Another suggestion for the above example is to send the result to a separate window. The problem with the above is that if you click the BACK button in the browser you end up on the temporary page, so to get back to the query page that generated the PDF you have to click BACK twice. You can avoid this by using a TARGET on your HREF or FORM links to force the temp page and the PDF into a separate window which the user can close when done with the document.
I use the .PDF generating features on my Web site for printing invoice receipts† (see Figure 1.4) and PO forms for customers. When people order software online, they can click on a link to pre-print a PO form that has all the current order information on it. This can be mailed or faxed in by the Purchasing Department.
Figure 4 Ė Provide a printed invoice for the customer. Using PDF documents can provide features that would be difficult to implement with HTML.
Another place where .PDF reports come in very handy is with pre-printed forms or forms that must follow a very strict format. Reproducing reports such as this with HTML is impossible and the .PDF format makes it possible to create remote output the same way you would expect from the server that created the form.
Using Acrobat in your Web applications can provide a rapid migration path for existing reports. Whether you need to generate static reports or run them dynamically over the Web the output generated in .PDF format is readily usable over the Web. Compared to recoding complex reports in HTML, this technique can save you tremendous time and possibly provide more usable documentation.
When using Acrobat on the Web server for dynamic requests, keep in mind that running a report tends to be fairly resource intensive and slow. It takes a few seconds for VFP to initialize its report engine and a few more to parse and run the report. Compared to HTML generation, this process is much slower.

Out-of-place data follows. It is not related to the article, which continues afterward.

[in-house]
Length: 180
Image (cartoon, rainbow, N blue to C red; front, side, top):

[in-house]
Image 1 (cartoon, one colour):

Still, consider this technique for those occasions where quick development turnaround or fine graphic control over output format is required.
Code for this article:
AmyUni PDF driver:
For comments, question etc. you can post a message at:
Rick Strahl is president of West Wind Technologies on Maui, Hawaii. The company specializes in Web and distributed application development and tools with focus on IIS, .NET and Visual FoxPro. Rick is author of West Wind Web Connection, a powerful and widely used Web application framework for Visual FoxPro and West Wind HTML Help Builder. He's also a Microsoft Most Valuable Professional, and a frequent contributor to magazines and books. He is co-publisher and co-editor of CoDe
magazine, and his book, "Internet Applications with Visual FoxPro 6.0", is published by Hentzenwerke Publishing. For more information please visit: http://www.west-wind.com/.